'Plastic cycle is a social responsibility'

2 minutes
Report of interactive CPNL workshop Design & Systems Integration
by Pierre Gielen


What does it mean when a snack manufacturer reports in a recent press release that its potato chip bags will now be 25% recycled plastic? A breakthrough in the recycling and processing of multilayer film for food packaging? Not for those who also read the fine print: "We apply recycled plastic as it becomes available.

Marketers are apparently in a hurry to flaunt circularity. But before recyclate can replace a substantial part of the current virgin plastics, especially in food, major changes are needed. Starting at the front end, with the collection, measurement and sharing of knowledge and information to make plastics more reusable and sustainable. That was the topic of the CPNL workshop Design & Systems Integration held in The Hague on April 18.

With about 60 participants, the entire Dutch circular plastics chain was represented there, from researchers to polymer producers and from recyclers and sorters to brand owners. When chairman of the day Dirk Koppenol kicked off the workshop with a poll on the feasibility of the Cabinet goal, 100% circularity by 2050, the cautious conclusion was, "There is hope.


In the fall of 2024, CPNL will open a new call (grant round) for research projects and showcases. Anyone who would like to participate in this and contribute to the further development of the program can contact Susanne Waaijers or Roland ten Klooster.

Design choices

The journey to circularity in the plastics chain begins with material selection and packaging design. Creating sustainable packaging is not an end in itself, according to Professor Roland ten Klooster, CPNL program manager. "The goal is to bring a product sustainably to the user. If you can do that without packaging, then that is the most sustainable option. If you do need packaging, choose a good one and use it properly." Numerous aspects come into play when choosing a packaging material, making the selection process opaque. As the example with the chip bags shows, the marketing department within companies often influences it. For example, less sustainable packaging with a matte coating is chosen that looks and feels "natural" to consumers like paper. Those same consumers are afterwards faced with the decision of how to dispose of the packaging. That often goes wrong, which sometimes puts the problem on sorters. Then there is the question of whether it makes sense to collect materials for which there is no proper recycling, or too little capacity.

Polystyrene packaging, for example, is incinerated because the material streams in the Netherlands are too small to make recycling profitable. And if a polymer is readily available and easy to recycle, such as PET, all sorts of other issues come into play that affect its recyclability, such as the use of stickers, glue, ink, etc. All this makes creating sustainable packaging solutions complex, and there is therefore a need to develop methods and decision models that help make informed choices.

The question is further whether consumers should be expected to be able to choose the most sustainably packaged product at the store. During a discussion on this topic, it appears that workshop participants are more likely to place the responsibility for packaging products sustainably on the industry. This should be enshrined in government regulation so that the end user does not have to think about it at the store. Separation of waste should also be made easier.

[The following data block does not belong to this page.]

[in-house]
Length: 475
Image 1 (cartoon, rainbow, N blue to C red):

One participant suggested that consumers are not unwilling. They would certainly be willing to return products separately if it is clear that they have a high residual value after use. Another participant points out that this willingness is also culturally determined. In Japan, for example, 35 types of waste are collected separately, requiring a 300-page manual. That is extreme, but even Dutch consumers should eventually be able to do better waste separation.

Circular cheese packaging

One producer that has been striving for more circular packaging for years is the dairy cooperative Friesland-Campina. By 2030, the company wants all of its packaging to be recyclable and by 2050, it aims for a completely climate-neutral operation. Senior Packaging Development Manager Louis van den Dobbelsteen discussed the company's experiences in making its cheese packaging more sustainable during the workshop. This involves 3.4 million kilograms of plastic every year. Friesland-Campina has been working on reducing this amount of plastic since 2011, the first step being to make the foils thinner, then making the foils from monomaterials (PP), then switching to PET. Since then, various adjustments have led to a clean PET stream that can be efficiently recycled. Ultimately, this should lead to a fully rPET chain, without depending on material from other chains. That goal is expected to be achieved in 2025. Friesland Campina has not applied for a patent on solutions it has developed and is sharing the knowledge with other producers. "Because the more clean PET packaging is in circulation, the better the recycling is, the sooner specific PET tray streams will come on the market." Van den Dobbelsteen has another important piece of advice: "If you make a packaging theoretically recyclable, do check the whole chain. Go test it at sorters and recyclers and see what is actually done with your material in practice. Materials that are not yet sorted out and recycled in the Netherlands are not truly circular."

Scoping study

Without contact with the chain, circularity is not possible for CPNL either. Susanne Waaijers, systems integration program manager for CPNL emphasized that the organization therefore finds it important to know what is currently on the minds of parties in the field. To register that, researchers Judith Kessens and Quirine Cohen of TNO Circular Plastics were deployed. They conducted a scoping study in which 45 stakeholders from different sectors were interviewed about their needs and the information systems available to share knowledge and data. These included the themes of (1) economy, (2) social, community and health, (3) climate and environment, (4) technology, (5) circularity and (6) organization and community. Based on nearly a thousand collected statements, several topics were identified for further analysis.